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Rosemary, Kalamata and Parmesan Focaccia

by Michele on January 19, 2011

Rosemary and Kalamata Focaccia

This recipe is a riff on one I posted last month, Homemade Bread for Non-Bakers. 

Following all the holiday hullabaloo, I wasn’t feeling much like cooking.  The dinner plan was homemade bread and leftover salads from Christmas dinner.  I’d already started the bread and realized that while the plain homemade stuff would be great with dinner, something with the extra flavor of a focaccia would be even better. 

After poking around online for a while, I made a few modifications to the recipe and voila!… Rosemary, Kalamata and Parmesan Focaccia!

This is one of those “take it where you will” recipes in that the combinations of herbs and other toppings is nearly endless.  Short of giving your three year-old free reign to add gummy bears and twizzlers, this one would be tough to mess up.  The focaccia was so good, in fact, that the house-full of perpetually hungry teenagers who generally prefer Taco Bell – or Taco Abyss as we call it - discovered and finished the leftovers when they arrived home late that night.  Funny how they’ll eat the good stuff if you put it in front of them….Taco Bell-Smaco Bell :)

Ingredients

  • 4 cups all-purpose or bread flour, plus flour for dusting
  • 2 cups water
  • Scant 1/2 teaspoon instant yeast
  • 2 teaspoons salt
  • 1/4 to 1/3 cup chopped kalamata olives
  • 1/3 cup freshly grated Parmesan cheese
  • 1 teaspoon dried rosemary
  • 2 tablespoons high quality olive oil plus extra for drizzling

 Instructions

  1. Combine the flour, yeast, and salt in a large bowl. 
  2. Add the water and stir until blended.  You’ll have a shaggy, sticky dough. 
  3. In a clean bowl, drizzle the olive oil – coating the sides and bottom.
  4. Turn the dough into the oiled bowl and cover with plastic wrap.
  5. Let the dough rest for about 18 hours at about 70 degrees.
  6. The dough will be ready when its surface is dotted with bubbles.  Rising time will vary depending on temperature.
  7. Lightly flour a work surface, remove the dough.
  8. Fold dough over once or twice.  It will be soft, but not terribly sticky.
  9. Place the dough onto a 9×13″, low edged baking pan or 18″ pizza pan. Cover lightly with plastic wrap.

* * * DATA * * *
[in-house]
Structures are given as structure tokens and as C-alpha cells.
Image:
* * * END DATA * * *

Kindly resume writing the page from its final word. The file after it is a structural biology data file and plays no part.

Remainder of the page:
10. Allow dough to rise for two hours. It will double in size and won’t spring back readily when poked.
  11. Remove plastic wrap and using all five fingers on both hands, poke and spread dough until it covers the surface area of the pan you chose.
  12. Preheat your oven to 400 degrees and allow dough to rest for fifteen minutes.
  13. When dough has rested, re-poke if necessary to make indentations.
  14. Sprinkle dough with olives, rosemary and Parmesan.  Drizzle with olive oil.
  15. Bake for fifteen to 25 minutes until focaccia is cooked and browned to your level of preference.
  16. Remove pan from oven, place on baking rack and cool for at least 15 minutes.

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This post is linked to the Hearth and Soul Blog Hop at A Moderate Life and at Yeastspotting.

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{ 7 comments… read them below or add one }

George August 9, 2012 at 3:39 pm

Sounds delicious, but is the rest period after you combine everything correct? It’s really 18 hours?!

Reply

Michele August 15, 2012 at 11:10 am

Hi George – Yes, believe it or not, the resting time is a full 18-24 hours. It’s a great ‘fix it and forget it’ bread….you just have to plan to start early. :)

Reply

Barbara January 21, 2011 at 2:44 pm

Hi…
The instructions say ” add the water” …what water??
There’s no mention of water in the ingredient list…how much should we add?
Thanks kindly…looking forward to making it…it looks wonderful!

Reply

Michele January 21, 2011 at 3:30 pm

Hi Barbara – Thanks for seeing that mistake! I’m thinking it would be pretty tough to make bread without any liquid :) The quantity of water is two cups. I’ve made the correction to the recipe :)

Best,
Michele

Reply

Melynda@Moms Sunday Cafe January 20, 2011 at 7:14 am

Stopping by from Hearth n Soul, this combination of flavors is great. Will be making this, thanks.

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Heather @girlichef January 19, 2011 at 9:06 am

Soooo…you’re saying I shouldn’t poke gummy bears and twizzlers into the bread? This looks amazing!! So glad you shared it with the hearth and soul hop this week…belly is full-growl mode ;)

Reply

Michele January 19, 2011 at 9:46 am

Yep – chocolate chips and marshmallows would be wayyyyy better :)

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